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RAB18 gene

RAB18, member RAS oncogene family
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Normal Function

The RAB18 gene provides instructions for producing the RAB18 protein, which functions as a GTPase. Often referred to as molecular switches, GTPases can be turned on and off. They are turned on (active) when they are attached (bound) to a molecule called GTP and are turned off (inactive) when they are bound to another molecule called GDP. When active, RAB18 is involved in a process called vesicle trafficking, which moves proteins and other molecules within cells in sac-like structures called vesicles. RAB18 regulates the movement of substances between compartments in cells and the storage and release of fats (lipids) by structures called lipid droplets. The protein also appears to play a role in a process called autophagy, which helps clear unneeded materials from cells. RAB18 is important for the organization of a cell structure called the endoplasmic reticulum, which is involved in protein processing and transport.

Health Conditions Related to Genetic Changes

RAB18 deficiency

At least five mutations in the RAB18 gene have been found to cause Warburg micro syndrome, which is the most severe of the disorders caused by RAB18 deficiency. Warburg micro syndrome is characterized by multiple eye abnormalities, vision impairment, severe intellectual disability, and a reduction of the hormones that direct sexual development (hypogonadotropic hypogonadism).

The RAB18 gene mutations that cause Warburg micro syndrome eliminate the function of the RAB18 protein. It is unclear how a shortage (deficiency) of RAB18 activity leads to eye problems, brain abnormalities, and other features of Warburg micro syndrome.

More About This Health Condition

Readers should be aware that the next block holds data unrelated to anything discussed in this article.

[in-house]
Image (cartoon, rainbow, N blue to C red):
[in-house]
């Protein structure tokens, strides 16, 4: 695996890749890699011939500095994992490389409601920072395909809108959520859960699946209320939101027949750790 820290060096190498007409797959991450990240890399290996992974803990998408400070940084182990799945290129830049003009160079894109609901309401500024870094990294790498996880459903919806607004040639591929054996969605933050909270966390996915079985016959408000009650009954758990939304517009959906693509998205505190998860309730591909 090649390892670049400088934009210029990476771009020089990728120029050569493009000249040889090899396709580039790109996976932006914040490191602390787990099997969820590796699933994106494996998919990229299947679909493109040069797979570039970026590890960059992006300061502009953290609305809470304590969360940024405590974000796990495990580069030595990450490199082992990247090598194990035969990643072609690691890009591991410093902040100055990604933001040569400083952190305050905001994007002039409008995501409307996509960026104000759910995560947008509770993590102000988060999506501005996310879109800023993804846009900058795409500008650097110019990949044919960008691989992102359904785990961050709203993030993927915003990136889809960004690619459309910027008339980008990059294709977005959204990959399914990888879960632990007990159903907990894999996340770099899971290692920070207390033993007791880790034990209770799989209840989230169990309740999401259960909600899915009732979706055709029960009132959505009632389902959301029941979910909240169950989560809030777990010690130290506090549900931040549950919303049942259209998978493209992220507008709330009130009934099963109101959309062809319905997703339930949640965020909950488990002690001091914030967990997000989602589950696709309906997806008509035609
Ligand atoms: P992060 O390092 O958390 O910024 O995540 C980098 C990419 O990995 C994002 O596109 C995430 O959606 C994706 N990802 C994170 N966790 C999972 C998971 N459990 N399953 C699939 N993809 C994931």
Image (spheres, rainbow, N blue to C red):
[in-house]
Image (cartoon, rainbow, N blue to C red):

Other Names for This Gene

  • RAB18 small GTPase
  • RAB18LI1
  • ras-related protein Rab-18 isoform 1
  • ras-related protein Rab-18 isoform 2
  • ras-related protein Rab-18 isoform 3
  • ras-related protein Rab-18 isoform 4
  • ras-related protein Rab-18 isoform 5
  • WARBM3

Additional Information & Resources

Tests Listed in the Genetic Testing Registry

Scientific Articles on PubMed

Catalog of Genes and Diseases from OMIM

Research Resources

References

  • Bem D, Yoshimura S, Nunes-Bastos R, Bond FC, Kurian MA, Rahman F, Handley MT, Hadzhiev Y, Masood I, Straatman-Iwanowska AA, Cullinane AR, McNeill A, Pasha SS, Kirby GA, Foster K, Ahmed Z, Morton JE, Williams D, Graham JM, Dobyns WB, Burglen L, Ainsworth JR, Gissen P, Müller F, Maher ER, Barr FA, Aligianis IA. Loss-of-function mutations in RAB18 cause Warburg micro syndrome. Am J Hum Genet. 2011 Apr 8;88(4):499-507. doi: 10.1016/j.ajhg.2011.03.012. Erratum in: Am J Hum Genet. 2011 May 13;88(5):678. Bond, Frances F [corrected to Bond, Frances C]. Citation on PubMed or Free article on PubMed Central
  • Feldmann A, Bekbulat F, Huesmann H, Ulbrich S, Tatzelt J, Behl C, Kern A. The RAB GTPase RAB18 modulates macroautophagy and proteostasis. Biochem Biophys Res Commun. 2017 May 6;486(3):738-743. doi: 10.1016/j.bbrc.2017.03.112. Epub 2017 Mar 22. Citation on PubMed
  • Gerondopoulos A, Bastos RN, Yoshimura S, Anderson R, Carpanini S, Aligianis I, Handley MT, Barr FA. Rab18 and a Rab18 GEF complex are required for normal ER structure. J Cell Biol. 2014 Jun 9;205(5):707-20. doi: 10.1083/jcb.201403026. Epub 2014 Jun 2. Citation on PubMed or Free article on PubMed Central
  • Handley MT, Carpanini SM, Mali GR, Sidjanin DJ, Aligianis IA, Jackson IJ, FitzPatrick DR. Warburg Micro syndrome is caused by RAB18 deficiency or dysregulation. Open Biol. 2015 Jun;5(6):150047. doi: 10.1098/rsob.150047. Citation on PubMed or Free article on PubMed Central
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